How to Start Dating for the First Time

Whenever you’re ready is the right time.

Hi [Nona], I’ve never really dated before and seeing that I’m 24…I feel kind of ashamed of that fact. I want to put myself out there but I feel almost afraid to and especially with this pandemic, I’m not quite sure how to proceed. Any advice for a 24 year old novice to all things relationships and dating?

—[Bryanna], 24

Let’s get this out of the way: You have absolutely nothing to be ashamed of. Sure, it may be unusual to never have dated by age 24, but that doesn’t mean it’s abnormal, because “normal” doesn’t actually exist. It feels natural for some people to start sexually and romantically exploring as soon as they hit puberty, and some, such as people who identify as aromantic, never feel like dating at all. The extremes of the spectrum, and any situation in between, are all totally okay.

But let’s also discuss how to change your situation, since you expressed a desire to “put yourself out there.” You’re right to sense that some of my advice in a typical year—accept every party invite, join a new group or activity, get the word out among your friends—just won’t work during a pandemic. For people taking COVID-19 seriously, there are no party invites. Among states monitoring their cases closely, there are no crowded bars to go to, and lots of non-drinking organized activities have migrated to Zoom or have been paused completely. Colder temperatures are coming for much of the country, so the outdoor hangs we might have enjoyed during the summer are going to dwindle.

This is all true, and it’s a huge bummer. But if early data and reporting is any indication, the way dating has changed during COVID-19 might actually end up being a silver lining for someone in your situation.

Hear me out: Anecdotally, single people who’ve used dating apps during the pandemic have reported taking things slower than they did pre-COVID. They’re also being more intentional about who they’re chatting with; a recent survey of Hinge users, for instance, found that 69% of them are “thinking more about who they’re really looking for.” Chats can go on for weeks before there’s an expectation or even a possibility of meeting up. And video convos, which many think of as low-pressure versions of dates, have become more normalized. Someone like you, who has never dated before and might feel nervous about the prospect of IRL meetups or physical contact, might actually benefit from a slower, more intentional burn.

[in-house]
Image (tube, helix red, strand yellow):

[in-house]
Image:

Before you jump right on the apps, though, I’d urge you to take a cue from Hinge users and think about what your goals are. You say “date,” but that could mean anything: Do you want to experience your first romance? Do you want to explore sexually, regardless of commitment? Do you just want to master the basics of flirting and the ritual of spending non-platonic time with another person? Do you have specific things you want to try, or really don’t want to try? Choose an app that aligns with what you feel ready for, and make it clear on your profile (in a cute way, of course) why you’re here. And pandemic or not, I still recommend being open to your friends about what you want. They may not be able to facilitate an elaborate run-in at their birthday party, but they certainly could arrange the digital equivalent of a blind date—or at least a blind flirt.

Teen Vogue
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